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NCJ Number: 186625 Find in a Library
Title: Violence as a Public Health Issue
Author(s): David McDonald
Editor(s): Adam Graycar
Date Published: 2000
Page Count: 6
Sponsoring Agency: Australian Institute of Criminology
Canberra ACT, 2601, Australia
Publication Number: ISBN 0-642-24169-4
Sale Source: Australian Institute of Criminology
GPO Box 2944
Canberra ACT, 2601,
Australia
Publisher: https://www.aic.gov.au 
Type: Legislation/Policy Analysis
Format: Document
Language: English
Country: Australia
Annotation: Crime and violence prevention involves cooperation among many parts of society in Australia and elsewhere, and many known measures that prevent violence occur outside the criminal justice system--within families, communities, and the health care system.
Abstract: Interpersonal violence is now widely accepted in Australia and other countries as a public health problem rather than being seen mainly as a matter for the criminal justice system. Internationally, violence is a focus of the work of the World Health Organization and the Centers for Disease Control and Prevention in the United States. The author emphasizes the importance of a rigorous focus on the well-being of populations and on public health's use of population-wide data to aid the understanding of problems related to crime and violence and the identification of solutions. In this way, public health can make a valuable contribution to crime and violence prevention and cover a much broader spectrum than the criminal justice system alone. Viewing interpersonal violence as lying within the injury area of public health, with its focus on population-level risk factors, highlights the need for coordinated approaches to preventing and dealing with interpersonal violence. Public health and criminal justice system approaches to violence are compared, and risk factors emphasized by the public health approach are discussed. 26 references and 1 note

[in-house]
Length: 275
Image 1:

Main Term(s): Foreign crime prevention
Index Term(s): Australia; Crime control policies; Crime in foreign countries; Foreign criminal justice systems; United States of America; Violence prevention
Note: Australian Institute of Criminology Trends and Issues in Crime and Criminal Justice No. 163
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